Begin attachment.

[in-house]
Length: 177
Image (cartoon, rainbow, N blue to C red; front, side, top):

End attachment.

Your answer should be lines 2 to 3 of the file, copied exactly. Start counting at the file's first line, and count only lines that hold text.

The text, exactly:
Length: 177
Image (cartoon, rainbow, N blue to C red; front, side, top):